I have followed this guy for a while, and have been eagerly awaiting his every Tweet, Facebook update, and new adventure. When he started working his way through his bucket list, it encouraged me to start working on my own. When he started raising huge amounts of money, I started getting a flush of pride for him. He was such an inspirational guy – 19 years old and dying from terminal cancer. It just seems so… unfair?
I don’t know why my heart strings were tugged quite so much by this lad. Or what has caused the flow of tears that followed every story I’d read about him, and especially today when I saw that Facebook post from his mother. I’d never met him, probably never would meet him, but still his story made me tear up every time I read an account of it. It just goes to show how fast life can pass us by, and how much we really take for granted.
When he started raising more and more money, it would seem as if he were going from strength to strength, quite literally. The more money that poured in, and the more celebrities that jumped on the fundraising bandwagon, the better he started to feel. He was even out of hospital at one point until sadly, he was readmitted, but this time, never to come back out again.
I don’t know how I would feel if I were to be told that I had cancer at the age of 27, which makes me look on with disbelief at the amazing way that this young lad handled it. He didn’t look upon it as a death sentence, but instead worked his way through the things he always wanted to do before he died. His Tweets and Facebook updates were thankful, not full of sorrow. He was full of life… Even at the end, you could tell he meant every “Thank You” that he wrote to the people that were urging him to raise even more money – the people that happily grabbed their phones and donated that money that would potentially help to make the life better for other teenage and young kids suffering with the same fate. It’s a truly inspirational story, and one that most of us aren’t likely to forget.
I try to do things for charity where possible. I’ve run a couple of Race For Life’s for Cancer Research, as well as walking on fire to raise money for a young kids cancer charity. I donate blood (where possible with my multiple tattoos and piercings) and I’ve even signed up to donate stem cells and bone marrow. I also want to run the London Marathon, although I think I’ve missed the boat for 2015…. Shame! Lol! (I’m definitely not physically ready for it yet!)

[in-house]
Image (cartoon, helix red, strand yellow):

*OK, I admit. I’ve only ever given blood once because needles terrify me!*
I donated money to @StephensStory and if you haven’t already, I’d urge you to do the same. Stephen might have sadly passed away, but behind this legacy is hundreds, thousands, tens of thousands of young kids that are suffering the same fate, and not being quite so publicly followed, or fundraised for. Your tiny donation could make the world of difference to them, just like it made the world of difference to Stephen Sutton. Isn’t that worth picking up the phone for?
If you DO want to donate, I’ll pop the fundraising details at the bottom of this page.
Life REALLY is too short, isn’t it? You never know when your time will come. Sometimes it scares me to know that cancer is all around us, and any one of us could be struck down with it at any time. Death is just around the corner, and sometimes, I feel that it is wise to remember this. That silly fight you’re having with your boyfriend or girlfriend… Is it really worth it? Is it time for you to throw your arms around them, apologise and tell them you love them? If we can learn anything from Stephen’s Story, and hopefully we all learn a lot, it’s that life really is over in the blink of an eye. And far, far too soon.
Of course, I must add that I am sending every ounce of love I have to his family and friends, who must be out-of-this world proud of him and what he has achieved, on top of being heartbroken at the thought that they will never get the chance to see, touch, hug or talk to their beloved Stephen again. Who’d have thought that such a sad death could have such a positive spin? Just think of all the other teenagers who will have a chance to tick off the things on their bucket list before they too sadly pass away because of that £3.2million. We should ALL be proud of him. Immensely proud.
So yeah, I’m sad today. I’m sad that we have lost an absolute legend. A guy that fought for every penny of that £3.2million, right to the very end. I guess we could all learn a lot from him, eh?
RIP Stephen xo
If you want to make a difference, check these out:
Alternatively, you can donate by texting the word “STEPHEN” to 70500. This will take £5 from your credit, or add it to your mobile phone bill, and donate it to the Teenage Cancer Trust. You can also give Gift Aid!